- Is there a difference between a promise to purchase and an offer to purchase?
- What should be included in an offer to purchase?
- Is it possible to cancel a promise to purchase?
- What is the seller’s declaration?
- What is a latent defect?
- What does buying without a legal warranty mean?
- What is an easement and why is it important?
1. Is there a difference between a promise to purchase and an offer to purchase?
No, they are the same. The term “offer to purchase” is often used, but the correct term is actually “promise to purchase.”
It is a contractual document where the buyer makes the seller a formal offer to purchase their property. The offer includes a proposed purchase price and certain terms and conditions for the transaction to take place.
If the seller agrees to the proposal, they sign it and return it to the buyer.
2. What should be included in an offer to purchase?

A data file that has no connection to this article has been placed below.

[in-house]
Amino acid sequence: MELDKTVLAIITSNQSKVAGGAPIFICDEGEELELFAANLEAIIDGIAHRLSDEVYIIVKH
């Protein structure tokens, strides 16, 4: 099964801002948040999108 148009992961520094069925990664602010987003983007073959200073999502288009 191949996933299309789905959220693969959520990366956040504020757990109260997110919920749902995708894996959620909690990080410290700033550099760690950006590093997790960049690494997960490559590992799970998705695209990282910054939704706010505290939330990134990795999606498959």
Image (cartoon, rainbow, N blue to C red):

If you work with a real estate agent, they can help you fill out your offer to purchase. If you do it alone, you’ll find templates on the web that you can tailor to your situation. All offers to purchase should at least include the following clauses:
Identification of the property and the parties
The property address and unit number, if applicable. As with any contract, you also have to enter your name and contact information, as well as the seller’s. You can also add a description of the property.
The price and payment terms
This is where you indicate your proposed purchase price to the seller, which can either be the asking price or a number that’s higher or lower.
In some markets and situations, multiple buyers may put in offers above the asking price (overbidding) in hopes of beating out other potential buyers.
The payment terms and schedules are also outlined in this section.
Purchase terms and conditions
This is where you lay out the conditions that are important to you before you buy the property. Below are a few other clauses typically included in a promise to purchase:
- Obtaining a mortgage loan
- Home inspection by a certified expert
- Sale inclusions and exclusions (e.g., furniture, appliances, air conditioning, etc.)
- Required renovations
- Sale of the buyer’s home
- Choice of notary and deed of sale signing date